Changes to TUPE Regulations
Changes to the Transfer of Undertakings (Protection of Employment) Regulations 2006 (‘TUPE Regulations’) came into force on 31st January 2014.
The TUPE Regulations apply, when a business or part of a business is sold, or where there is a service provision change, e.g. when outsourced services are transferred from one contractor to another or taken back ‘in house’. These events are defined in the TUPE Regulations as ‘Relevant Transfers’.
Under the TUPE Regulations, when a Relevant Transfer takes place employees will automatically transfer to the new employer on the same terms and conditions of employment as they had with the original employer.
The key changes to the TUPE Regulations which came into force on 31st January 2014 are:
- Where there is a change of contractors carrying out services, this will only satisfy the ‘service provision change’ test (and therefore be classed as a Relevant Transfer) where the services being provided by the new contractor are fundamentally the same as those carried out by the previous contractor.
- The TUPE Regulations restrict changes being made to employees’ terms and conditions in anticipation of, or as a result of, a relevant transfer. The restrictions have now been relaxed slightly to bring them in line with EU law. The TUPE Regulations now provide that a change to terms and conditions will be void if the main reason for the change is the relevant transfer unless the reason for the changes is an economic, technical or organisational reason entailing changes in the workforce and the changes are agreed by both the employer and employee.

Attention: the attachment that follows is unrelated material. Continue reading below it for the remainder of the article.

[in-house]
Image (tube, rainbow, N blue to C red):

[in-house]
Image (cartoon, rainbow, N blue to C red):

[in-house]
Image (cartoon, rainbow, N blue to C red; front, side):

- A new provision has been introduced which confirms that a change of location following a relevant transfer will fall within the economic, technical or organisational exception. This allows employers to make changes to the terms of conditions of employment where there is a location change. This should mean that genuine place of work redundancies will no longer be automatically unfair.
- Under the TUPE Regulations, the new employer is required to consult with employee representatives in relation to their employees who may be affected by redundancies as a result of a relevant transfer. The TUPE Regulations have been amended to allow the new employer to carry out the consultation before the transfer takes place providing both the original employer and new employer agree. This resolves the uncertainty that existed previously as to whether a consultation conducted prior to the transfer was valid.
- On a transfer, the original employer is required to provide certain employee liability information (such as name and age of employee, disciplinary record etc.) to the new employer. For transfers that take place before 1st May 2014, this information must be provided at least 14 days before the transfer. For transfers taking place after that date, the information must be provided at least 28 days before the transfer takes place.
- The TUPE Regulations require employers to consult with representatives of employees that are affected by the relevant transfer. As a result of the amendments, micro-businesses (businesses with 9 or fewer employees) will be exempt from the requirement to elect employee representatives. This means that businesses with 9 or fewer employees can inform and consult with employees directly.
- Where there is a collective agreement in place prior to a relevant transfer, the collective agreement will transfer with the employees. The new provisions confirm that only collective terms agreed before the date of the relevant transfer will be inherited by the new employer. This follows recent case law and provides clarity with regard to collective agreements.